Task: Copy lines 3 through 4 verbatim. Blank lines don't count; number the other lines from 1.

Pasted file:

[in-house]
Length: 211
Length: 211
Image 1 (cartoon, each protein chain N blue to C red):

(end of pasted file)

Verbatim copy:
Length: 211
Image 1 (cartoon, each protein chain N blue to C red):